At a Seabrook home, this dish is a tasty New Year’s tradition
Seabrook resident Duane Myers has a New Year’s Day dish so mighty his family calls it “The Roast Beast.”
He coats the sumptuous, bone-in, rib-eye roast in a garlic and herb butter, making for a dish that looks impressive and tastes even better.
“It is an expensive cut of meat, but New Year’s is a special occasion, so why not make it special?” he said. “This roast is so moist, and so tender, you almost don’t have to chew, it basically melts on your tongue. When you eat it, you will feel like you’ve been kissed by God.”
Myers, originally from Willis, Texas, is the son of a butcher, so he learned from his father all about different cuts of meat and how to cook them, he said.
“I can remember him aging meat by hanging it on the barbed-wire fence at home,” Myers said. “While you don’t have to age this roast, I would recommend bringing the meat up to room temperature before you cook it.”
As a child and teenager, his first jobs were food-related: He worked in the family store and on the buffet line of a Mississippi-style river boat on Lake Conroe. His love of food took him to Texas Tech University where he graduated with a Hotel and Restaurant Management degree, and then to a career within a Houston-based restaurant chain.
“I worked the window and would be on quality control checking 200 to 250 meals a night,” he said. “It was a real rush.”
He left hospitality a few years back and is now owner/operations manager of C&D Hardware and Gifts in Houston. And while he sometimes misses the buzz of working hospitality, retail hours are more conducive to family life with his wife, Tari, and son, Will.
Myers cooks 80 percent of the family meals, and thanks to his hospitality career, he tends to cook big, which also benefited neighbors after Hurricane Harvey in 2017.
“We can often be eating the same thing three days later,” he said. “And I remember after Harvey, when the power was out, we pretty much fed the whole neighborhood, grilling all the meat we had in the freezer.”
Smoking brisket and grilling are two of his favorite pastimes, along with cooking up a batch of chili that Tari said is different each time, but always delicious.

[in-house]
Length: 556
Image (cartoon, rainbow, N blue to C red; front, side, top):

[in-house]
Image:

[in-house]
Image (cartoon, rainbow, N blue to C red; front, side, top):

His Easy Rib-Eye Roast is a hybrid of at least three different recipes and his own adaptations, and patience is a key ingredient to success, he said.
“It is going to smell delicious as it wafts through the house, but do not open the oven door for the first hour or so of cooking,” he said. “Then, when it’s done, don’t pick at it or cut it until the meat rests for at least 45 minutes.”
He recommends serving it with green beans drizzled with honey and mashed potatoes made with plenty of butter and heavy whipping cream and just a dash of wasabi.
“It’s decadent, but then it’s New Year’s Day, so don’t skimp,” he said.
EASY RIB-EYE ROAST
1 (4- to 5-pound) bone-in rib-eye roast
Garlic Herb Butter (see below)
Rub herb butter all over rib roast and then place on a roasting tray with a rack.
Preheat oven to 500 F.
Roast for 20 minutes then, reduce heat to 325 F and continue cooking for 1½ to 2½ hours until roast is reddish-pink and juicy in the center. Keep the oven door closed for the first 20 minutes. Only open it at 1½ hours and then every 30 minutes to check temperature. An instant-read thermometer inserted into the center should read 145 F.
GARLIC HERB BUTTER
1 cup butter, softened
7 cloves garlic, minced
2 tablespoons fresh rosemary, finely chopped
2 tablespoons fresh thyme, finely chopped
2 tablespoons salt
1 tablespoon pepper
Mix together the butter, garlic, herb, salt and pepper in a bowl until evenly combined.
2 tablespoons flour
2 cups beef stock
Whisk flour in pan drippings and slowly add beef stock to make a gravy.